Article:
[show abstract][hide abstract] ABSTRACT: The association between trimethoprim-sulfamethoxazole use and resistance among the major respiratory tract pathogens was investigated by comparing regional consumption of the drug to regional resistance in the following year in 21 central hospital districts in Finland. A total of 23,530 Streptococcus pneumoniae isolates, 28,320 Haemophilus influenzae isolates, and 14,138 Moraxella catarrhalis isolates were tested for trimethoprim-sulfamethoxazole susceptibility during the study period (1998-2004). Among the S. pneumoniae isolates, a statistically significant connection was found between regional consumption and resistance. No statistically significant connection was found between regional trimethoprim-sulfamethoxazole use and resistance among H. influenzae and M. catarrhalis isolates. According to our results, it seems that only in pneumococci can the development of trimethoprim-sulfamethoxazole resistance be influenced by restricting its use. However, trimethoprim-sulfamethoxazole remains an important antimicrobial agent because of its reasonable price. Hence, resistance to trimethoprim-sulfamethoxazole among these pathogens needs continuous monitoring.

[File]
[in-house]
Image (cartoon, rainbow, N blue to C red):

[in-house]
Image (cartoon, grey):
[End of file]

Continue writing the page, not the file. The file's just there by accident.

Antimicrobial Agents and Chemotherapy 08/2008; 52(7):2480-5. · 4.57 Impact Factor
[show abstract][hide abstract] ABSTRACT: Management of acute maxillary sinusitis (AMS) is not optimal; antibiotics are often prescribed for viral sinusitis, which leads to many problems including those with antimicrobial resistance. Guidelines have been proposed as a means to change the professional practices.
Our aim was to study whether a nationwide guidelines implementation programme has an effect on the management of AMS in primary care.
A multi-centre randomized controlled trial was conducted in 30 health centres (HCs) covering a population of 819 777 people from 1998 to 2002. The participating HCs were randomized to implement guidelines either according to a problem-based learning (PBL) or an academic detailing (AD) method facilitated by local GPs. Data were gathered during 1 week in November in all study years and also from external control HCs in 2002. The main outcome measure was compliance with the key points of AMS management in national Current Care guidelines.
Implementation of guidelines produced minor changes towards the recommended practices in the management of AMS. Use of the first-line drug amoxicillin increased slightly (from 39% to 48% in AD centres and from 33% to 45% in PBL centres, controls 40%). Proportion of courses of antibiotics with recommended duration increased in MIKSTRA study centres (from 34% to 40% in AD centres and from 32% to 47% in PBL centres, controls 43%).
A nationwide guidelines implementation project produced modest changes in the management of AMS. There were no significant differences between AD and PBL education methods. Less than half the HCs were able to realize the project as intended, which decreases the internal validity of the study. The guidelines implementation might have benefited of more focussed targets and approaches that took into account the problems and practices of each HC.
Family Practice 05/2007; 24(2):201-6. · 1.83 Impact Factor